Find The Best 30-Year Mortgage Rates

30-year mortgage rates — check out the best here.

A small toy house with a large hand dropping coins into a slot in the roof.
(Image credit: Getty)

Recently, the Federal Reserve raised interest rates for the ninth consecutive time, hiking rates by 0.25% and bringing the federal funds rate to a target range of 4.75% to 5%. When the federal funds rate goes up, consumers are faced with higher interest rates on credit card APRs, personal loans and mortgages

Currently, the average 30-year mortgage rate is at 6.39%, compared to 6.27% last week and 5.00% last year. Overall, this is lower than the long-term average of 7.75%. 

However, if the financial uncertainty in the aftermath of Silicon Valley Bank and Signature Bank failing continues, borrowers could see rates continue to go down in 2023, although not as low as they were a few years ago.

Subscribe to Kiplinger’s Personal Finance

Be a smarter, better informed investor.

Save up to 74%

Sign up for Kiplinger’s Free E-Newsletters

Profit and prosper with the best of expert advice on investing, taxes, retirement, personal finance and more - straight to your e-mail.

Profit and prosper with the best of expert advice - straight to your e-mail.

Sign up

On the other hand, Greg McBride, the chief financial analyst for Bankrate (opens in new tab), said recently (opens in new tab), “If things stabilize and we’re back to worrying about inflation and whether the job market is too hot, the pullback will prove short-lived.”

Find the Best Mortgage Rates

Currently, as mentioned above, the average interest rate for a 30-year fixed mortgage is 6.39% (opens in new tab). Last month, the average rate for 30-year fixed mortgages was higher, at 6.42%. 

Additionally, the average interest rate for a 15-year fixed mortgage is 5.76% (opens in new tab), up from 5.54% a week ago and 4.17% last year. Rates for 15-year fixed mortgages last month were 5.68%.

Use our tool, in partnership with Bankrate, to compare current mortgage rates available for purchase and refinancing.

Four Ways to Get a Lower Mortgage Rate

  • Raise your credit score: One of the best and most effective ways to save on your mortgage is to raise your credit score, the biggest factor in determining your mortgage rate. Upping your FICO credit score, which ranges from 300 to 850, by just 20 points can save you hundreds of dollars by lowering your mortgage. So, while you’ll likely need at least a 620 FICO score in order to qualify for a mortgage at any rate, you'll need a higher score to get approved for the best rates. Raising your credit score can be done in a number of ways, including making card payments on time and keeping balances low.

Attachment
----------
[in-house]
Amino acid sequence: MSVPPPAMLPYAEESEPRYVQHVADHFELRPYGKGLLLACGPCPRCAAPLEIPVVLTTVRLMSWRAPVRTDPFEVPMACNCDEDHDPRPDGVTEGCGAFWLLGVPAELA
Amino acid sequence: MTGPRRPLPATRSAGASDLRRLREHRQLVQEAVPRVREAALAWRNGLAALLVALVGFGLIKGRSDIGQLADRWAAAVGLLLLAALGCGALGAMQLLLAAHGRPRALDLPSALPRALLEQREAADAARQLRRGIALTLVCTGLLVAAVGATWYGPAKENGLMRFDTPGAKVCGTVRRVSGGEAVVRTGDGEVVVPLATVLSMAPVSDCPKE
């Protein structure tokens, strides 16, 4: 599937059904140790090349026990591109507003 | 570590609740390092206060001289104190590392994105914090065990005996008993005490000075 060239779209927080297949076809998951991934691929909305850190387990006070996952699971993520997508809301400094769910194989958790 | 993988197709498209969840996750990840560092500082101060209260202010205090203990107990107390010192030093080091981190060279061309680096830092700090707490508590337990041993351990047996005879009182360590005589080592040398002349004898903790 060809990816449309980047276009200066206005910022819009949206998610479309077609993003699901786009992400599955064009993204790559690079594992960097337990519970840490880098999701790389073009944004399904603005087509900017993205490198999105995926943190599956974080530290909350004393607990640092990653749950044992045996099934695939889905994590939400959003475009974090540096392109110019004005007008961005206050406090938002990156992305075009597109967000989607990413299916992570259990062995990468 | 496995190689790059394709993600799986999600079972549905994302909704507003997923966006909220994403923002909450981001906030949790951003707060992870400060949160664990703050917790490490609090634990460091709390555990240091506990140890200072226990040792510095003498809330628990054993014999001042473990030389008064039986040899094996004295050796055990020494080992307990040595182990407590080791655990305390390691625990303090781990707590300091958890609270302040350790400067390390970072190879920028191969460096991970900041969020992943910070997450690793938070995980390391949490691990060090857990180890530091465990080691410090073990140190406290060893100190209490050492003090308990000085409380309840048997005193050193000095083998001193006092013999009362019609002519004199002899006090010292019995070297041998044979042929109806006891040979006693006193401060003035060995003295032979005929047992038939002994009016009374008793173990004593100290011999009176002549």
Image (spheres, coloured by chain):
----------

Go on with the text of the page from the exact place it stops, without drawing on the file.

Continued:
• Increase your down payment: In order to get the best rates on a conventional mortgage loan from Fannie Mae or Freddie Mac, you'll need to make at least a 20% down payment. In fact, the bigger your down payment is, the better your rate will likely be. You'll have to repay less principal and less interest over the life of the loan.
  • Get multiple quotes: Different lenders may offer different rates. Because of this, it's important to get multiple quotes to ensure you're getting the lowest interest rates available for you. 
  • Consider an adjustable-rate mortgage (ARM): if you know you're going to sell your home in the near future, opting for an ARM could be a good decision. For example, if you're going to sell your home in four years, choosing a 5 year ARM could save you a lot in interest. You'll be able to take advantage of the lower interest rates associated with this kind of mortgage, and won't have to worry about your rate changing before you sell. 
Erin Bendig
Personal Finance Writer

Erin pairs personal experience with research and is passionate about sharing personal finance advice with others. Previously, she was a freelancer focusing on the credit card side of finance, but has branched out since then to cover other aspects of personal finance. Erin is well-versed in traditional media with reporting, interviewing and research, as well as using graphic design and video and audio storytelling to share with her readers.